In the spring of 2006, I physically counted every staple on each of the twelve telephone poles closest to the intersection of Barton Springs and Lamar (there were about 1800 of them in all).
I divided each pole radially into the four cardinal directions and, using my own body as a measure, vertically into seven layers — a total of twenty-eight distinct zones per pole. I then mapped the data.
This was a three part semester-long exploration that also included a research paper (on the history of staples, their meaning, and the implications of the data I collected) and an intervention back at the data collection site. We were reading A Thousand Plateaus and approaching the world as made up of smooth striated or space space, territorialized or deterritorialized.
My project write-up conclusion from 2006:
Mapped as volumes, the staple data takes on forms reminiscent of hovering human figures which illustrate the way people interact through self-posted signage. The largest number of staples on any pole always falls at or slightly above the level of my head, which indicates that the signs are posted for (and by, of course) people on foot. Yet, directionally, the largest number of staples by far is typically found on the side of the poles which faces against the nearest lane of oncoming car traffic. The two on their own are fairly intuitive notions, but when combined into one system of posting, seem to make odd conclusions about the viewers to be and their potential state of awareness at any given time, or traveling in any given direction.
For instance, overwhelmingly, staples on Barton Springs Road are placed on the East and South sides of poles. Since in order to approach a sign facing east you must be heading west, and to approach a south-facing sign you must be heading north, one can make couple of inferences. As Barton Springs itself runs east-west, one can assert that most traffic, whether automobile, pedestrian, cyclist, or other, runs along that same axis. The data suggests that those posting signs are selecting for their audience those traveling west on Barton Springs; not only that, but specifically car traffic since the south facing signs indicate the car side of the pole is the active one (ie, not the foot traffic heading west on the sidewalk.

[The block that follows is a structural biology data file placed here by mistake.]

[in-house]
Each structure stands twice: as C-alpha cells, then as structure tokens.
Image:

Similarly, signs on Lamar seem to be for vehicle traffic heading north. Since most travelers on these roads must be making round-trips in some form, the next question in this line of reasoning that remains to be answered is why west and north are the trajectories of focus at the intersection.
More than anything about anticipated direction of traffic or anything else, I was most interested in exploring ways of communicating information gathered in a way that allows it to relate to the viewer in a more tangible way. While my diagram cannot be used for the viewer to find out exactly how many staples were one the south side of pole number eight between the top of my head and my fingertips, it can be used to get a gestural understanding of how the telephone pole space is being used by people of the city. I was most excited to see the development of these hovering figures arise out of the vestiges of human communication.